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Lazy Man’s Garlic Bread

*Super easy and a perfect way to use up leftover hamburger buns.

2 Udi’s Gluten Free Hamburger Buns

Earth Balance Soy Free Butter Spread

Garlic Powder

Dried Oregano

Open the buns and spread with butter. Sprinkle generously with garlic powder and dried oregano. Place under the broiler until golden.

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Dizzy Dinner Rolls

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After making it through a few ugly days of the flu last week, I woke up a couple of days ago with an even uglier illness…vertigo.

If you haven’t had it, I envy you and you should probably add “not getting vertigo” to your prayer list because it’s something you never want. If you have had it, well, my heart aches for you and you know exactly where I’m coming from.

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However, I have to tell you that I’ve had it two other times in the past, and because I caught it early this time, it’s not nearly as bad as it could be. With the help of anti-dizzy drugs I managed to walk the dogs today , make home-made soup to settle my stomach, and to make these extremely easy dinner rolls. I’m not a pill popper and I don’t like to take anything that makes me feel weird in any way, but I must say, thank God for vertigo medication. Without it, I wouldn’t even be able to stand to look at my computer screen, or get out of bed for that matter, and here I am making chicken soup and rolls for myself. Meclizine gets two thumbs up.

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Don’t burn your towel while raising the rolls like I did. We’ll chalk that one up to the drugs.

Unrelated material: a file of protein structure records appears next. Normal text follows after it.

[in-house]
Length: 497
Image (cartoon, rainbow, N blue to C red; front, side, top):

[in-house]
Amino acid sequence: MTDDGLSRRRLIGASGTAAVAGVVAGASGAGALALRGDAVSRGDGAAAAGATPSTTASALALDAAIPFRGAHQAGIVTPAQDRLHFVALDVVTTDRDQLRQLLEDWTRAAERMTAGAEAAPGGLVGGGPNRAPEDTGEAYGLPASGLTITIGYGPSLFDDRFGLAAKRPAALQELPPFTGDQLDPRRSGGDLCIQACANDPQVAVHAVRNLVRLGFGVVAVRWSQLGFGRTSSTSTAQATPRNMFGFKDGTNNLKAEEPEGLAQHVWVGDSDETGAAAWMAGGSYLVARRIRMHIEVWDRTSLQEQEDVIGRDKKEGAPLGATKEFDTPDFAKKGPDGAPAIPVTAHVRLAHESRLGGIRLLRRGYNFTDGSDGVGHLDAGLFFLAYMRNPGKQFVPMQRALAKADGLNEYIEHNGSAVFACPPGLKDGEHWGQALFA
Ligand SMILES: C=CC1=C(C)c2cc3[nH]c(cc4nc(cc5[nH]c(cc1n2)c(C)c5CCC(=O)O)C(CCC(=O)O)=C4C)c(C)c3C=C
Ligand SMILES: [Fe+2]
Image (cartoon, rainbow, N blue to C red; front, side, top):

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I was quite happy this afternoon when I finally felt like things were taking a turn for the better. The ground stopped moving and my brain stopped feeling like it was on fire. And I was hungry! I had been trying to gag down toast, tea, and apple slices just to get something into my stomach, which has to be one of the most unsatisfying meals on earth.

No matter what sickness I may have, absolutely nothing tastes better to me than home-made chicken soup. They’ve actually done studies on how healing it is, even just smelling it.

You can find my organic chicken soup recipe here.

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And of course, who doesn’t love a good dinner roll? Those of you who live the gluten-free life know exactly how hard it is to find a dinner roll recipe that doesn’t turn out like a hockey puck or resemble that salt dough we used to make Christmas ornaments out of in kindergarten.

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Search no more because this is by far the best one I have ever tried. I could eat them every day. They smell like a yeasty dinner roll, look like a dinner roll, and amazingly enough…taste like a dinner roll.

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Guess where I found the recipe? Pinterest. And it uses my absolute favorite gluten-free flour blend, Mama’s Almond Blend All Purpose Gluten Free Flour Blend.

I’ve been told by anti-Pinterest snobby snobs that, “Pinterest is a complete waste of time.”

I think not snobby snobs.

 I. Think. Not.

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You can find the recipe for these awesome rolls right here at Mygluten-freekitchen.com.

I use bread machine yeast and allow mine to rise for 1 hour and bake them about 5 minutes longer than the time listed.

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Beans, Greens, & Bacon

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“Soup puts the heart at ease, calms down the violence of hunger,

eliminates the tension of the day, and awakens and refines the appetite.”

– Auguste Escoffier

Beans, Greens, & Bacon Soup

1 Package Uncured Organic Hickory Smoked Bacon, chopped

4-6 (depending on size) Organic Carrots, sliced on the diagonal

1 Medium Organic Onion, chopped

2 Tablespoon Organic Thyme, chopped

2 Tablespoons Organic Rosemary, minced

5 Cloves of Organic Garlic, chopped

1 1/2 Cups Organic Purple Kale (packed), chopped

1 Cup Organic Green Kale (packed), chopped

2 Cans of White Beans, rinsed and drained

3 – 32 oz. Boxes of Organic, Free Range, Chicken Broth

Olive Oil

Sea Salt & Pepper To Taste

Heat a dutch oven on medium low and fry the bacon slowly until crisp. Remove the bacon bits to a paper towel to drain. Reserve about 2 teaspoons of the bacon fat in the pan.

Saute the onions until they are translucent and begin to caramelize. Add the carrots and garlic and saute for 5 minutes.

Add the thyme, rosemary, bacon, and both types of kale. Saute until the kale begins to wilt.